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The Spokesman-Review Newspaper
Spokane, Washington  Est. May 19, 1883

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Derek Roybal and Jeff Terpening: Higher costs and less freedom vs. lower prices and more freedom

By Derek Roybal and Jeff Terpening

By Derek Roybal and Jeff Terpening

We have lived and worked in Spokane for a long time and, like you, we want a better future for ourselves and our families. Corporations getting bigger and bigger across America can be a threat to this better future. Hospital corporate management has become further removed from the actual places where we receive care, and grocery store corporations have become more and more centralized. And the biggest threat now on this front is the proposed mega-grocery store merger of Albertsons and Kroger.

We think this proposed mega grocery store merger is a bad idea. And we’re not alone. Here’s why.

First, as the largest traditional supermarket store chains in America, these two companies (Kroger of Cincinnati, Ohio, and Albertsons from Boise, Idaho) control a lot of what we eat in this country, what we pay for it and what farmers and ranchers who produce it are paid. Kroger employs roughly 450,000-plus and Albertsons 250,000-plus. If their proposed merger were approved, they would become THE mega supermarket chain and all that control would become like a monopoly in many areas around our country. Last time we checked, monopolies are a bad idea in our economy because they get rid of competition that can keep prices in check and allow customers to choose where to shop and what food we can buy. In some places across the country, the closure of a store can result in a food desert with only convenience stores with low quality food choices that can cause significant health impacts. We’d rather have more choices that have healthy options at competitive process, not higher prices and less freedom.

Second, this proposed merger threatens layoffs and store closures. When the CEOs of these companies tell you that won’t happen, do you believe them? We don’t. These two were paid a combined annual compensation of over $35 million in 2022 – more than 500 times their typical employee. When they testified before the U.S. Senate on this topic, they were drilled by Republican and Democratic Senators alike. They were asked, as the CEOs who were setting prices as high as they do now, far higher than inflation generally and making huge profits while they have a major competitor in the market, why should we trust they will reduce those prices AFTER a merger that eliminates one of your biggest competitors? That sounds a bit far-fetched.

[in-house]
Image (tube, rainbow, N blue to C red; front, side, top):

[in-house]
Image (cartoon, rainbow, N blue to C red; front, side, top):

Third, it is a threat to our food security and our health to concentrate so much decision-making authority and power into the hands of two CEOs, let alone one. Instead of having fewer, wealthy CEOs making decisions about the food we produce and consume in the country, we feel more local control and input are better. We should be having more community input, worker input and input from farmers to health care experts into the food options we have instead of just a few wealthy CEOs.

The two of us know a lot about what grocery store customers and hospital patients in our area want. We see and talk with these neighbors in our community every day. For many of these neighbors, we see concern and worry about if they will be able to pay their bills today and have a better future tomorrow. Costs are higher for food, housing, medical care, college. For just about everything. That’s not good. We need to turn that around and one thing is for sure – this proposed mega grocery store merger would just make things worse.

So here is what we are for. We are for more control over our own lives with more freedom in our communities. A big part of freedom and control is about the power to make a difference. This might be through a well-run employee-owned grocery store company or food cooperative or some other structure. But one thing is for sure, we need to stop this proposed mega merger. We call on the readers to make a difference by voicing your concerns about this proposed merger to the Federal Trade Commission. An easy way to do that is on the website where more than 2,000 people have already sent in their comments.

We’re not fools. We’ve seen this kind of corporate snake oil salesmanship before. And we’re proud that our union, UFCW 3000, has been a part of the strong opposition to this proposed merger since October, working with farmers in Colorado, from small rural towns in West Virgina to Los Angeles, we are partnering with others to oppose this merger.

Jeff Terpening has worked in many different jobs, mostly night crew, at a local Spokane Safeway for more than 15 years and has lived in Spokane since 1985. Derek Roybal works as a Registered Cardiovascular Invasive Specialist at Sacred Heart Hospital and has worked in health care for 7 years and has lived in Spokane for 30 years. Both Jeff and Derek are active members of UFCW 3000, the state’s largest union.